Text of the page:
Tessa Jowell is the current bookmakers’ favourite to be the Labour candidate in next year’s London mayoral election. If the odds are to be believed, Sadiq Khan is the only other person who stands a chance. Diane Abbott, the candidate most likely to benefit from the recent surge in Labour Party membership and support for Jeremy Corbyn, is well behind at 25-1. The Hackney MP shouldn’t be written off just yet – Corbyn was once a 100-1 shot for the party leadership – but the chances of a second bushwhack by the Labour left seem remote.
Which raises an interesting question. Given the relative radicalism of Londoners, who twice elected Ken Livingstone as mayor and furnish Labour with its only safe seats in the south, what happens to the energy behind Corbyn if Jowell, who once said she would throw herself under a bus for Tony Blair, gets the nomination? It’s fair to say that her ‘moderate’ politics won’t foment the enthusiasm that his leadership campaign has generated. With her involvement in the flops of both ‘blue’ and ‘purple’ Labour, she appears committed to any flag the party marches under, so long as it isn’t red.
The limits of Jowell’s potential candidacy can be situated in an international context, too. In recent years, on both sides of the Atlantic, radical political change has taken root at the level of local government. The SNP made its massive gains in the general election in May after it had already won a majority at Holyrood. Syriza’s breakthrough in Greece came in last year’s local elections. In Spain, the radical left found its first electoral expression in June, taking the mayoralties of four of the country’s five largest cities. The scale of Bill de Blasio’s victory in New York two years ago was to some extent the electoral outgrowth of Occupy Wall Street. Earlier this year, the progressive Jesús García mounted a serious challenge to the incumbent mayor of Chicago, Rahm Emanuel. In Seattle, Kshama Sawant is an explicitly socialist city council member who has been one of the country’s most prominent advocates for a $15 minimum wage.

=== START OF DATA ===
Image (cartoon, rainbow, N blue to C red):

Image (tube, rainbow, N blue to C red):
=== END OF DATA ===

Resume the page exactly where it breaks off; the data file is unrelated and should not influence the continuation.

All of this would appear propitious for a candidate of the radical left in London next year. Were either Jowell or Khan to run, it is likely that the favoured Tory candidate, Zac Goldsmith, would prevail. The current favourite to win the Green Party nomination is Sian Berry, their candidate in 2008 when they finished a respectable fourth. In 2012 they beat the Liberal Democrats to third place. What would it take for Berry to have a shot at winning against Goldsmith and Jowell, however unlikely that may be? The answer is that the ‘Corbynistas’ – from Owen Jones, Mark Serwotka and Charlotte Church to the tens of thousands of Londoners who have joined Labour in recent months – would have to walk the walk on political pluralism. Would Jones, for instance, support Jowell over an anti-austerity rival who promised to deal with London’s high-rent, low-pay economy? That’s what the party rules demand, but it would lead to many of Labour’s newer members becoming quickly disenchanted. The British left, to be serious about power, must go beyond tribalism.